Some city dwellers still remember porch-sitting and leisurely walks to the corner store for ice cream. That was before TVs and freezers drew people inside behind locked doors. Children walked to school, and afterwards they worked at local jobs or played in neighborhood streets or vacant lots.
Now, when the ecumenical movement seems to be at low tide, there appears a scintillating biography of one of the premier 20th-century American ecumenists. In both status and leadership gifts Douglas Horton (1891-1968) was a prince of ecumenism.
News of Raymond Brown’s death on August 8, 1998, swept through the scholarly community like a global blackout. A renowned scholar, teacher, churchman, mentor and friend was gone. A source of popular insights, meditations, lectures, workshops and retreats was gone.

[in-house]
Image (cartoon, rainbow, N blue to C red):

What do migrant strawberry pickers, marijuana growers and Internet pornography users have in common? According to Eric Schlosser, they are all part of America’s black market economy, a massive system that contributes little to the tax base but keeps many Americans in business.